Skip to main content
Skip to navigation

Nov. 10, 2011 Volume 33, No. 12

RJI plans forum on maintaining quality local reporting


Forum follows FCC report on state of industry

Following a report from the Federal Communications Commission (FCC) on the state of American journalism, the Reynolds Journalism Institute will host a forum Nov. 15 on how to maintain quality reporting at the local level.

“What’s important in the digital age is that there are major changes in how we get information,” said Amy McCombs, Lee Hills Chair in free press studies at the Missouri School of Journalism, who is coordinating the symposium along with Barbara Cochran, Curtis B. Hurley Chair in public affairs journalism. “The FCC is in a perfect position to look at communication needs, and we’re trying to examine the impact their recommendations would have on local news coverage. We’re at a once-in-a-generation moment now, so this is a critical point for the industry.”

Highlights of the event will include a keynote speech by former FCC official Steven Waldman, who directed the commission’s report, and a series of panel discussions with industry executives, moderated by faculty members in the School of Journalism. Sponsored by the Carnegie Corporation and the Knight Foundation, the symposium will look at the FCC report’s implications for commercial and nonprofit media outlets.

“Steve has reviewed the information industry extensively, and he has a comprehensive knowledge of how communication works,” McCombs said. “The support we’re receiving from the Knight and Carnegie foundations adds a lot of credibility to this discussion.”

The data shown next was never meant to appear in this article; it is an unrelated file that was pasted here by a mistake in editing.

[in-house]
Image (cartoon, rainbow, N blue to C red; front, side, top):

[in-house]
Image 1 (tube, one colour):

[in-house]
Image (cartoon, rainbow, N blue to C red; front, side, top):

Local coverage has fallen behind in the transition to online-based news, the FCC found. The report lists increases in government waste and local corruption and a decrease in student performance as consequences of this lack of local coverage.

“The Internet has undercut the traditional business model, driving away advertising and audiences,” Waldman said. “Newspapers have cut staff, and radio and television have not filled the gap. There are a lot of media outlets like blogs and phone apps, and the missing piece is full-time reporters. There is a tremendous lack of accountability.

“People don’t turn over rocks and look into the shadows, and this will lead to wasted money, increased pollution and a host of other problems that come up when the government and other organizations are not held accountable.”

The Reynolds Journalism Institute symposium will run from 9:30 a.m. to 4 p.m. in 200 Fred W. Smith Forum. Attendees must register for the event, which is free and open to the public.

More information is available on the RJI website,

— Ryan Schmitz